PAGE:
Women's Basketball player Maya Timberlake (left) and Volleyball player Rachel Stroot (right) make closing remarks at the "Be the Bridge" march.
On Oct. 7, USC Upstate students, faculty and staff took part in the “Be the Bridge” march across the campus. The march was to bring awareness to racial inequality in our country.
The march was organized by student athletes, Maya Timberlake, a member of the USC Upstate women’s basketball team, and Rachel Stroot, a member of the volleyball team. The name “Be the Bridge” is a call to action by those who attended to not only show their support for the issues presented, but also to act upon support. Maya Timberlake explained, “This means being intentional about their daily interaction with one another and getting to know each other in a more meaningful way.”
Many students, professors, coaches, administrators, and staff attended the march and the speeches. While the main purpose of the event was to get people to think critically about race relations in the U.S. and in our community, this event also offered everyone the opportunity to interact with others in-person.
Assistant Professor of Communication Studies, Dr. Emily Kofoed, attended the march not only to listen and learn, but also to experience the environment of the event. “I love the concept of ‘being the bridge’ and I wanted to see people make new connections and physically stand in a space and show their support, their embodied support for an issue like racial justice,” shared Dr. Kofoed. When we spread awareness, it is one thing to hold a virtual town hall or produce a video about the subject, but it is immensely more powerful and effective to be among the participants.
All speakers at the march focused their thoughts on a central issue of not only acknowledging systemic racism in our society, but also combating it. Sophomore Men’s Track and Field athlete, Christia’n Chase Jarvis, spoke at the march to encourage the attendees to simply think. Jarvis stated, “I wanted people to walk away with a thousand thoughts inside of their heads after my speech. I wanted everyone out there to think about ways that they could do more.”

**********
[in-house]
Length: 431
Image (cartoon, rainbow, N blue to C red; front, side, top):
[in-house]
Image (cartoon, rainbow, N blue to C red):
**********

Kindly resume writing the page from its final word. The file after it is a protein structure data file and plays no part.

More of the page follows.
Several times throughout the speeches, the upcoming election was mentioned. For the speakers, the election was the most important way to try and to make changes to the problems that were being presented during the event. But beyond just voting, speakers wanted to make it clear that there is still more that can be done. Assistant Basketball Coach, Stacey Palmore, stressed the importance of being “impactful” in the community, “Don’t let this be a one-time deal. This should be an action that creates awareness, change, and unity for all walks of life.”
Action beyond this march continued to be echoed by other speakers. There are a number of ways that one can fight for change whether in the form of voting, pointing out injustices, or simply starting a dialogue with their peers.
Voting is the right many of us have, and the one for which has been fought for decades and is still being fought for now. Voting is important that we do not take it for granted. It is sometimes easy to think that your vote will not count for anything, so why even bother. Unfortunately, this is a popular mindset, especially among those who feel the system is already rigged against them, which is a divisive tactic. When people believe that their words mean little to the outcome, they will continue to be silent, thus feeding more into the system that they feel is oppressing their views.
The only way to combat this is to speak up, whether in the voting booth, or in other means. This election is by far too important to our futures, and for those who will follow us to continue to sit back and watch from the sidelines. The 2020 Presidential election is Tuesday, Nov. 3, but at the ballots we also get the opportunity to vote for our Senator who will represent South Carolina.
It is paramount that we use this power given to us to fight for what we believe; however, the work does not end on Nov. 3 at the ballots. You can be active citizens when it comes to important issues at the local, the state, and the nation. You can take part in peaceful protests, write to state senators and representatives about issues that need attention or consideration, and make sure your voice does not go unheard at the national level by expressing your opinions to our U.S. Senators.
Dozens of resources online are available for you to make sure your voice is heard, and all great ways are accessible for you to stay involved. But all of them are based on whether you believe in the people with power will represent you, and that is why the voting is the foundation for having your voice heard.